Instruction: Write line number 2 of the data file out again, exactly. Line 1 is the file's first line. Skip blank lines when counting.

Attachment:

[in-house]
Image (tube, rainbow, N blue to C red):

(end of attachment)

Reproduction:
Image (tube, rainbow, N blue to C red):